At Rephidim, Amalek came and waged war against Israel. Moses, therefore, said to Joshua, “Pick out certain men, and tomorrow go out and engage Amalek in battle. I will be standing on top of the hill with the staff of God in my hand.”[…] As long as Moses kept his hands raised up, Israel had the better of the fight, but when he let his hands rest, Amalek had the better of the fight. (Exodus 17:8-9, 11)
There can be no doubt that we are engaged in a spiritual battle unique and quite likely unprecedented in human history. The Lord is choosing his warriors, training them with fasting and prayer, and making them lean through sacrifice. With various trials he is teaching them to persevere to the end. The time for ease and rest is past. The lines have been drawn. The battle has begun. Why else would God choose this time in history to put new emphasis on the penitential lifestyle for the laity? Is it not because it is absolutely necessary to the unfolding of his plan for the Kingdom?
Mary has been calling the world to prayer and penance for more than a century. But relatively few have responded. The evil one has amassed a great army, proud and seemingly strong. The army of God is made up of a ragtag few most of whom lack earthly power or influence, many of whom suffer from various infirmities, some are even bedridden. There is nothing in the overall appearance of God’s army that would intimidate an enemy. If the enemy is quaking at this point it might be from derisive laughter; he scorns the army of God at every opportunity. But this is not yet the end of the story.
We can see how God operates in the story of Gideon in Judges, Chapter Seven. The enemy of God’s people, the Midianites, Amalekites, and Kedemites, had amassed in the valley. They were “as numerous as locusts”. Meanwhile, God had whittled the army of Gideon down from 10,000 to a mere 300 men. The enemy had swords and spears. God armed his band with horns, jars and torches. God’s strategy was for the 300 men in Gideon’s army to encircle the camp, break their jars and blow their horns shouting, “For the Lord and for Gideon!” What courage and faith it must have taken for those 300 men to fall in with such a plan! God rewarded their faith with an unimaginable victory. The enemy soldiers were thrown into confusion, turned their swords on one another and fled. There was no doubt who had won the battle. It was God’s victory.
We can see in this story and in the story of Moses against Amalek, that God never chooses the strong to fight for him. He uses the weak to shame the strong. When Moses could not hold up his own arms, he leaned on the power of those God had given him. We are not meant to fight in God’s army on our own power. God wants the weakest of the weak in his army so that there will be no doubt that it is his power alone that has won the battle. It follows then that God leads us to the BSP, not because we are stronger than everyone else, but because we are weaker. Weakness is what God is looking for in a recruit.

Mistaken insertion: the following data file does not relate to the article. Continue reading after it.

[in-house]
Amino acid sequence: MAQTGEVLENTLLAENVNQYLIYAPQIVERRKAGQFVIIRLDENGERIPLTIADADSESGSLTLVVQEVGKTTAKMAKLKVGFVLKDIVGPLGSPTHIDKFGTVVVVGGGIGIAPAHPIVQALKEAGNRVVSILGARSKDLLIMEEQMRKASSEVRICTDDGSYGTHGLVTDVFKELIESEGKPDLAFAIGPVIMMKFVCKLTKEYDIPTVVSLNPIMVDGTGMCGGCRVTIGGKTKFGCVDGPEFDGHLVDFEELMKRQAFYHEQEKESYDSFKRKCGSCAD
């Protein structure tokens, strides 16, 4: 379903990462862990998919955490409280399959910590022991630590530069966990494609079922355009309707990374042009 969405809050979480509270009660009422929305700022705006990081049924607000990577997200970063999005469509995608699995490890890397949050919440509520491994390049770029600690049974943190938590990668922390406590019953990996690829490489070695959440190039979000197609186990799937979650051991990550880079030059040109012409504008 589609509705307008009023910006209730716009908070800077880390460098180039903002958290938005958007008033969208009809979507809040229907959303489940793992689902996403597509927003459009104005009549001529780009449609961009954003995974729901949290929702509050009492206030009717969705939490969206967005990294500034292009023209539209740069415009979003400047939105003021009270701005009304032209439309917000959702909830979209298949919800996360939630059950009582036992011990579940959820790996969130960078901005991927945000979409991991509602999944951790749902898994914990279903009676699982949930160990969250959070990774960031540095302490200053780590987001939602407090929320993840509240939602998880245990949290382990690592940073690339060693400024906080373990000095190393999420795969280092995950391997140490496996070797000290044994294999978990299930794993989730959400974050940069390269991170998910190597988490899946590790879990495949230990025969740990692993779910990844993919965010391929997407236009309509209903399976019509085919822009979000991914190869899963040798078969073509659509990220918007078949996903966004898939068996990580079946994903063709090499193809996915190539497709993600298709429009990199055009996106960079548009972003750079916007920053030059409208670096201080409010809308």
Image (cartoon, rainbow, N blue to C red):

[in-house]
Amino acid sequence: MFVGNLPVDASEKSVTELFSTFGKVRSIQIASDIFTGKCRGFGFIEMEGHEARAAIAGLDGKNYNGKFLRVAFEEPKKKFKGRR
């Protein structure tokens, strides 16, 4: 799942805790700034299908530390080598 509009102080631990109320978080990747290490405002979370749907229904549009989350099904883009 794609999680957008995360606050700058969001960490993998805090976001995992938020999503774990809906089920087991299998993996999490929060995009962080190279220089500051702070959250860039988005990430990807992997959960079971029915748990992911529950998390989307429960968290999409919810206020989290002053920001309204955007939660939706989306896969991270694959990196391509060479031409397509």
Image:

Those of us who have been in the BSP* for some time are ourselves the greatest proof of that. The Rule of 1221, as we are constantly being told, is impossible to live in today’s world. And humanly speaking, that is very true. But nothing is impossible for God. If he wants us in this army—and he does—he will surely equip us fully for the spiritual battles he wants us to fight. Again, we in the BSP are living proof of that, for we can only boast, like St. Paul, of our weakness. Anything accomplished through our prayer and fasting is solely God working in us and through us. Nothing but sin and weakness comes from us. This confounds the enemy. To him we seem to be of no account—a deadly miscalculation.
God uses the formation process of the BSP as our Boot Camp. No earthly soldier would desire to go into battle without at least Basic Training. Through the four years of formation, God whittles away at all that will distract us from the battle, until we are transformed—often radically transformed—into the soldiers he needs, humble, docile, obedient, ready.
We are outfitted in the camouflage of baptism; as St. Paul tells us, “Our life is hidden with Christ in God.” That is a great strategic advantage for us, for our prayers and sacrifices fly at the enemy like sniper’s bullets coming from all sides, “out of the blue” of Mary’s protective mantle, to fell him and throw his camp into confusion. In embracing the Rule of 1221, we become the clay jars broken for battle. We carry the torch of God’s Word and the horn of salvation. We shout the battle cry: “For the Lord and for Mary!” Against all odds, a few pitiful soldiers put to flight an army as numerous as locusts.
John Paul II began his Papacy with these words: “Be not afraid!” He meant it, and he meant it for us. Archbishop Sheen put it this way: “We have already won, only the news has not yet leaked out.”
Think you’re too weak for this lifestyle? Perfect! You’ve got the “right stuff”. Answer the call—”For God and for Mary!”
(*BSP – Brothers and Sisters of Penance of St. Francis. For link see blogroll on right sidebar.)